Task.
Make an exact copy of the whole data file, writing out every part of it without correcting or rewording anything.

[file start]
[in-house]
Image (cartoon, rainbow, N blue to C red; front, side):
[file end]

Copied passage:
[in-house]
Image (cartoon, rainbow, N blue to C red; front, side):